Letters to the Editor, Oct. 11-14, 2014 | ParkRecord.com
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Letters to the Editor, Oct. 11-14, 2014

County appreciates public input on transportation plan

Editor:

Summit County Council would like to thank the community for participating in our Snyderville Basin Long Range Transportation Plan public open house held on Sept. 30 at the Richins Building in Park City. We estimate a total of 130 residents joined with Summit County, Park City and Wasatch County policymakers to provide valuable input on our future transportation needs. We would also like to thank Canyons Resort and the Resort Village Management Association for their involvement in this process.

At the meeting, we received well over 100 comments and interactive board suggestions from the public that will be used in developing the recommendations for the final draft Long Range Transportation Plan, which is scheduled to be complete in the upcoming month.

It is our goal to adopt a comprehensive and proactive transportation strategy for the Snyderville Basin by the end of the year. Your continued interest, participation, and input are vital to us. We urge you to stay involved in this important community issue. We pledge to keep you informed on the progress of the plan, as well as future opportunities to attend public meetings where this plan will be discussed. Please check our website http://www.summitcounty.org for future meeting information and thank you again for your robust participation as we collectively plan the future transportation needs of the Snyderville Basin.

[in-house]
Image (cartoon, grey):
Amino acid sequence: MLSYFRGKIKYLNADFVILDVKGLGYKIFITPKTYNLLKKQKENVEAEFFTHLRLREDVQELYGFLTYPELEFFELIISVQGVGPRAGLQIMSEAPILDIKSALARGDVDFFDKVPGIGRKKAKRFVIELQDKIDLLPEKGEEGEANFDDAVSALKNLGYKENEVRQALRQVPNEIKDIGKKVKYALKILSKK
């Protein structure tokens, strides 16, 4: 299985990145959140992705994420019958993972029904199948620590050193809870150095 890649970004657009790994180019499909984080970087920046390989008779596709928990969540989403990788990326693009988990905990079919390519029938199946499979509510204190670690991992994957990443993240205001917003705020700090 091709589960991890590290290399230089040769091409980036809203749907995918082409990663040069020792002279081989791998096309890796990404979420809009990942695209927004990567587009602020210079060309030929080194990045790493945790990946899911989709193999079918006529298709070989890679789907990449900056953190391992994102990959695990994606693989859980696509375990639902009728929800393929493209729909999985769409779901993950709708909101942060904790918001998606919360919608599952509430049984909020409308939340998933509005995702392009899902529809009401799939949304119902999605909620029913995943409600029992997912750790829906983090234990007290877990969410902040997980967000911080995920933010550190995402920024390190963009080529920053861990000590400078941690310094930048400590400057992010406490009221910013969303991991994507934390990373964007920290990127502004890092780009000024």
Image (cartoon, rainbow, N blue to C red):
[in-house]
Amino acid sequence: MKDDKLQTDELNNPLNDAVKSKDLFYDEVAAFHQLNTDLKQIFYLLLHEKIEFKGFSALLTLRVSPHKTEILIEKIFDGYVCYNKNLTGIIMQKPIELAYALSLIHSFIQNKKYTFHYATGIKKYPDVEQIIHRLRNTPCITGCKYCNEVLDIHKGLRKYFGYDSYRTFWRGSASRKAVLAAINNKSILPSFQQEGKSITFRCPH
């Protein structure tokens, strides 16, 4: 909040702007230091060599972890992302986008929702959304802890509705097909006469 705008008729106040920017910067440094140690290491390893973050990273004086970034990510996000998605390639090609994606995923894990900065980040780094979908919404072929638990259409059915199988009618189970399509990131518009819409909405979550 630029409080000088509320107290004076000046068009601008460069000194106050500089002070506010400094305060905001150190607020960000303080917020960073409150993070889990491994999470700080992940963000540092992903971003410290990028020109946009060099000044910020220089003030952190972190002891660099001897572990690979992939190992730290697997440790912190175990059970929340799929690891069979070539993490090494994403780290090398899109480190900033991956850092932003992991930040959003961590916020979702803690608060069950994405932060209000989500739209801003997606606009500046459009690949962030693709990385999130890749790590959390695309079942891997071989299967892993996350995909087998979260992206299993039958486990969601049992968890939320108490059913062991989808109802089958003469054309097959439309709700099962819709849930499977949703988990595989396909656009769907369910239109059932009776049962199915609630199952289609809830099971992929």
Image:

Chris Robinson, Chairman

On behalf of the Summit County Council

* * *

Students help out at Endurance Challenge

Last week, the Treasure Mountain Leadership Class had the opportunity to run the Marsac Aid Station for The North Face Endurance Challenge 2014. At the aid station, we were busy doing everything from pouring water to documenting times.

Our class learned a lot about volunteer coordination; the volunteer director for this race was very prepared and organized. We had a lot of fun supporting all of the runners who decided to run 50 miles and gained empathy for the runners who could not finish. Our station was a hard cutoff and after a certain time, we couldn’t let the runners continue past 37.8 miles. They were very disappointed and we did our very best to accommodate all of their needs although it was hard to see their fatigue and disappointment. In conclusion, this experience was very unique and rewarding.